Terraform includes the concept of provisioners as a measure of pragmatism, knowing that there will always be certain behaviors that can't be directly represented in Terraform's declarative model.

However, they also add a considerable amount of complexity and uncertainty to Terraform usage. Firstly, Terraform cannot model the actions of provisioners as part of a plan because they can in principle take any action. Secondly, successful use of provisioners requires coordinating many more details than Terraform usage usually requires: direct network access to your servers, issuing Terraform credentials to log in, making sure that all of the necessary external software is installed, etc.

You can also set up destroy-time provisioners using a conditional when statement:

1resource "aws_instance" "web" {
2 # ...
4 provisioner "local-exec" {
5 when = destroy
6 command = "echo 'Destroy-time provisioner'"
7 }

Master the Workflow

The Core Terraform Workflow has three steps:

  1. Write
  2. Plan
  3. Apply

As teams and the infrastructure grows, so does the number of sensitive input variables (e.g. API Keys, SSL Cert Pairs) required to run a plan. It's best practice to have a robust Continuous Integration pipeline to make the iterative process easier and more secure. Not only does this make writing IaC better, but it helps to review pull requests because a CI pipeline is able to automatically include the output of tf plan along with the PR.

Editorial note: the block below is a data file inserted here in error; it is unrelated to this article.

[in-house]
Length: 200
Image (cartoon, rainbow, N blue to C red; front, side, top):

Learn More Subcommands

You are able to import existing resources into the Terraform state. Currently, Terraform is not able to generate a configuration for the resource when importing, so you will need to author the resource configuration yourself. Be sure that each resource you import is mapped to only one Terraform resource address.

The terraform fmt command is used to rewrite Terraform configuration files to a canonical format and style. Tack on the -diff flag to display all formatting changes:

1$ tf fmt -diff

The terraform validate command validates the configuration files in a directory, referring only to the configuration and not accessing any remote services such as remote state, provider APIs, etc.